On May 11, former Minister of Primary Industries (1986-2004) YAB Tun Dr. Lim Ken Yaik spoke before the International Conference and Exhibition on Palm Oil in Jakarta, an annual event bringing together leaders from throughout the world in the palm oil sector. Following a year during which the industry has been presented with numerous challenges, Dr. Lim explained the obstacles currently being erected against the industry throughout the world, including a recent decision by the World Bank to impose sustainability standards on loans to the industry, to EU funding of anti-palm oil NGOs and now the Australian Parliament’s decision to pursue legislation that would mandatorily label palm oil on food products at the behest of NGOs.
In his speech, Dr. Lim remarked that:
“Despite all [of our achievements], however, our growth and success has not been without criticism from competing interests. Many of the critiques come from the developed world, where high-production costs and low-yields have made competing oilseeds uncompetitive.
Many of you will recall a scurrilous campaign in the West against saturated fats in tropical oils during the 1980s. As a result, the world was exposed to trans-fatty acids as palm oil was replaced with hydrogenated oils, which are now recognized as highly dangerous to one’s health.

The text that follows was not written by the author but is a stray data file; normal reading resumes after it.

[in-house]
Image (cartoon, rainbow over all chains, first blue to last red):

But the critics have not learned from their errors. Today, these same interests are advancing an even more radical attack designed to harm our industry…
I have already highlighted the role of WWF. Efforts need to be undertaken to highlight the dangerous role they have in dictating the future of the palm oil industry. In addition, we must begin an effort to reform RSPO.
Each of us in this room have been supportive of RSPO. We still believe in its relevance today as a good example of a voluntary initiative to demonstrate palm oil’s sustainability to key customers around the globe. However, it is increasingly clear that RSPO is not working under the current framework. RSPO requires smart and sensible reform.
What should we seek in terms of reform? The goal of reform should be to strengthen and improve RSPO so that it finally works for all parties.
To that end it must be acknowledged that interests of planters in Malaysia and Indonesia are not properly represented. The interests of NGOs are given excess weight. There is too little transparency in the overall process and so our voices are not heard…
Simply put, RSPO must not be used only to meet ENGO’s agenda, it must also support national economies. It should be reformed to respect national development strategies and certification schemes…”
Click here to read the entire speech.